Bloating

Pain in the abdomen also comes with severe bloating. Your bloating again is something that is common with several medical conditions. 

Just eating certain foods can make your stomach feel like it’s about to blow. But this bloating usually ends after a shorter period of time. 

If your bloating continues over the span of three weeks, it is likely a sign of serious illness. 

Persistent bloating is one of the most common signs of ovarian cancer

When a tumour grows, a large amount of fluid will accumulate around it. As the fluid increases, it will cause your abdominals to extend. 

This does not mix well with weight loss. If you’ve noticed that your abdominal region has grown larger, while the rest of your body is getting skinnier, you may have ovarian cancer.

Fatigue

There are almost a thousand reasons why somebody can feel chronic exhaustion. One of the scarier culprits behind fatigue is cancer. 

The difference with this type of fatigue is that it can't be cured with a good night's rest. A warm cup of tea or coffee in the morning also proves to be a poor remedy. 

With ovarian cancer, you’re in a constant state of exhaustion. This happens when the cancer cells go to war with the healthy cells. 

These are the cells working to keep you alive. Eventually, your body will have used up too much energy keeping you healthy, leading you to feel tired.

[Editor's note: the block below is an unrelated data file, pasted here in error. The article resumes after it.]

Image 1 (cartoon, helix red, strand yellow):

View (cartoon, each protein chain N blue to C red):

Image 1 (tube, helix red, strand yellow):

Nausea

Along with the fatigue, you will probably feel nauseous. Nausea is another common symptom of ovarian cancer.

There is sometimes a misconception over what nausea is? Many people believe it is a feeling of confusion accompanied by sickness. In reality, nausea is simply a feeling that you are soon going to vomit. 

Whether or not that actually happens is up to your body. It’s possible to feel nauseous and not throw up at all. 

The degrees of discomfort brought on by nausea can vary. For some people, it is mild and manageable. 

For others, the pain is unbearable, you can hardly function. Oftentimes the nausea stays around long after you’ve vomited. 

This all can occur for various reasons. But with ovarian cancer, you need to take into account all the changes your stomach is going through.